In addition to preventing UTI, newborn circumcision can prevent later discomfort and morbidity by decreasing the necessity for invasive procedures, such as catheterization and bladder tap, when evaluating male infants with febrile illness of unknown cause. The urine bag technique yielded no false-positive cultures in circumcised male infants but did result in false-positive urine cultures in female and uncircumcised male infants.20 Similarly, midstream urine specimens from circumcised male infants proved as reliable as suprapubic bladder aspiration for obtaining uncontaminated urine specimens.21 When evaluating a male infant with high fever, a bag specimen or midstream urine specimen yields a valid measure of UTI in circumcised male infants. Suprapubic bladder tap or catheterization is necessary to assure a valid specimen in uncircumcised male infants, although even in uncircumcised males, bag specimen was found valid in 83% of cases.
The cost analysis included in this study represents the actual costs to KPNC of diagnosing and managing UTIs during the first year of life and is not a cost-benefit study. We found that the total costs for UTI were greater in male than in female infants during the first year, although almost twice as many cases of UTI occurred in females. The increased costs in male infants resulted from the greater necessity for hospital admission early in life (27.6% of males vs only 7.5% of females with UTI were hospitalized). Similarly, the 10-fold higher cost in uncircumcised compared with circumcised males resulted from the greater number of cases (132 in uncircumcised males vs 22 in circumcised males) as well as more hospital admissions in uncircumcised male infants (38 in uncircumcised males vs 4 in circumcised male infants).
To determine the cost-benefit of newborn circumcision, the costs of newborn circumcision and its complications must be balanced against all the medical benefits of the procedure over a lifetime. This analysis would include not only the costs of UTI at all ages but also the costs of circumcision performed later in life (because of recurrent balanoposthitis and phimosis or of personal preference), when the procedure is more risky and expensive22 and savings result from prevention of diseases for which evidence shows protective effects of circumcision. These diseases include cancer of the penis and certain sexually transmitted diseases, particularly syphilis, chancroid, and human immunodeficiency virus infection.22–28 A cost-benefit analysis is beyond the scope of this report, which is limited simply to prevalence, morbidity, and costs of UTI in the first year of life.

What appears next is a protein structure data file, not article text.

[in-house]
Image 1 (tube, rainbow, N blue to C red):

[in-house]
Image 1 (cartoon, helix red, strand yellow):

In this study of 28 812 infants born during 1996 in a large health maintenance organization, 446 cases of UTI were diagnosed in infants <1 year of age. Of these cases, 292 occurred in female and 154 in male infants. Of the male infants with UTI, 132 (86%) were uncircumcised, although they represented only one third of all male infants born during 1996. Incidence of UTI in our study population was 2.05% (1:49) in female infants, 2.15% (1:47) in uncircumcised male infants, and .22% (1:445) in circumcised male infants.
We found a 10-fold increased UTI cost in uncircumcised male infants compared with circumcised male infants, reflecting the larger number of hospitalized cases as well as greater total number of UTI cases in uncircumcised male infants. UTI was 9.1 times as common and cost >10 times as much in uncircumcised compared with circumcised male infants. The findings reflected that uncircumcised male infants had UTI at an earlier age and were almost 4 times as likely to be admitted to the hospital as female infants were, and 18 times as likely to be admitted to the hospital as uncircumcised males were.
Uncircumcised male infants during the first year of life have a higher incidence of UTI, increased risk of hospitalization (particularly in the first 3 months of life), and greater costs of UTI than do circumcised male infants or female infants.
The research was supported by the Kaiser Foundation Research Institute, Northern California Region, Community Service Program.
Geoffrey Machin, MD, Sheldon Orloff, MD, and Michael Oehrli, MPA, CTR, provided helpful comments and suggestions regarding the study.
The Medical Editing Department, Kaiser Foundation Research Institute, provided editorial assistance.
- Received October 13, 1998.
- Accepted August 27, 1999.
Reprint requests to (E.J.S.) Department of Genetics, Regional Perinatal Screening Program, Kaiser Permanente Medical Center, 280 W MacArthur Blvd, Oakland, CA 94611. E-mail:
This report was presented at the annual meetings of the Western Society for Pediatric Research and the Ambulatory Pediatric Association, Region IX and X; January 27–31, 1999; Carmel, CA; and published in J Invest Med. 1999;47:26A.
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- ↵Hamburg M. Statistical Analysis for Decision Making. 4th ed. New York, NY: Harcourt Brace Jovanovich; 1987:565–567
- ↵Fussell EN, Kaack MB, Cherry R, Roberts JA. Adherence of bacteria to human foreskins. J Urol. 1988;140:997–1001. Comment, page 1001
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- Copyright © 2000 American Academy of Pediatrics